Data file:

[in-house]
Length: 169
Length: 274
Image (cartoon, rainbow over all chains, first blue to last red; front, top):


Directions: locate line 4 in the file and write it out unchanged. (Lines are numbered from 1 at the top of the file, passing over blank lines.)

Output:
Image (cartoon, rainbow over all chains, first blue to last red; front, top):